The Staves


Every so often I hear a band that sets my heart beating a little faster. It makes me want to call everybody I know in jittery excitement and splutter some prophetic words of exhilarated gospel about my discovery. This is a dumbed down description of my reaction to hearing a few crackly recordings of The Staves back in 2011. I was then struck by a perpetual curse whereby something life changingly important would crop up every time they performed in London. Unsurprisingly (if you’re superstitious) it would be Oxford where I would see them for the first time.

On a side note, The Staves’ performance in Oxford corresponded perfectly with a miraculous upturn in the weather. Their debut album Dead & Born & Grown (2012) has a distinctly sunny feel and so this show was meteorologically extremely well timed!

With a relatively early start the band paced onto the stage at around 8:45. They were met with rapturous applause and adoration. A few giggles were sheepishly shared on stage before the three girls, alone, began their first song – ‘Gone Tomorrow’. It was a scene setter and a statement of intent. The crispness and perfection of their vocals and harmonies is rare. They’re not just three girls with good voices, there is a tonal compatibility and bond that goes beyond the sound waves that are emitted from their mouths.

Following a couple of songs alone the trinity was joined by a bassist and drummer who would perform with them for the rest of the set – excluding the encore. This added muscle to the songs, and made it feel closer to the sound of the album. Both the drummer and bassist played well. With this type of music it would be easy for powerful instrumentation to overpower the songs – refrain and feel was adopted throughout and although this probably wasn’t noticed by many, it certainly would have been if they hadn’t.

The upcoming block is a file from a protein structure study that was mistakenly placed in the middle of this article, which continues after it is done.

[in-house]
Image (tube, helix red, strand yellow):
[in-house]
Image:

There was an obvious fondness that radiated from the crowd. The songs were obviously old friends and their live introduction was something to be savored and enjoyed. This said, the two new, and currently unnamed, songs that were played in the set went down very well – despite their preceding apology.

‘Tongue Behind My Teeth’ was one of the higher moments of the set. It was performed with venom and delivered with fist-clenching conviction. The words “I promised you that I’d never let you down – Oh but I couldn’t love you any less than now” rang in my ears. It was at about this point that a member of the crowd fainted. A weird atmosphere of uncertainty and edgy nervousness crept across the venue and a few worried looks were traded between strangers. With the help of a little cognitive dissonance I managed to persuade myself that it was probably because they were overwhelmed by the music. Come to think of it… it was quite hot in there.

They then ticked the encore box. On re-arrival to the stage they played, as they started, without the band. They gathered round one microphone to sing ‘Dead & Born & Grown’ together. It was a touching moment and a fitting close to the set.

The Staves are one of the jewels in the crown of current folk music. Their compositions have drawn obvious inspiration from classic folk standards, but their songs feel fresh and unburdened. They are also charming, accomplished and captivating performers. It would appear my babbled words of gushing enthusiasm after my first ever taste have manifested themselves into quite an accurate prophecy.